Where to Stay: Kingsmill Resort (www.kingsmill.com) on the James River is almost a self-sustaining vacation attraction in and of itself. With 425 guest rooms and suites, it features two championship golf courses (the third is for members only), a full-service spa, four restaurants and loads of other recreational activities, including tennis, boating, kayaking and fishing. If you’re on a budget, try the Fort McGruder Hotel (www.fortmagruderhotel.com), scene of a raucous Beta Club Convention I attended in high school. (I kid, but really, it’s nice and affordable.)
Where to Eat: Go for the Blue Talon Bistro in Merchants Square. For starters, order the yummy Brandade, made with cod, whipped potatoes, cream and truffle oil with dipping croutons or the Goat Cheese and Leek Tart. A few steps away for dessert, try the newly opened Blackbird Bakery, featuring baked goods from The Trellis Restaurant, Blue Talon Bistro and DoG Street Pub.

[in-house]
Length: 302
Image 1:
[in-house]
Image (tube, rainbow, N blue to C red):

There is more to Smithfield than hog, but even if it were only known for that, it wouldn’t be a bad thing, because it’s a recurring, fun little motif in the town. Smithfield is located just across the James from Williamsburg and down Route 10 – you can even take a ferry across the river to get there, which makes you feel like you’re traveling to some remote locale like Ocracoke or Tangier Island. Smithfield’s historic downtown area is highly walkable, taking you past boutique shops – Wharf Hill, a bright and airy shop with gifts for the home and kitchen is a must-visit – antique stores, cozy eateries, historic buildings and white picket fences with blooms poking through the slats. For some good, wholesome entertainment, check out the free downtown Summer Concert Series every Friday night or visit during the Genuine Smithfield Olden Days Festival (June 27 - 28)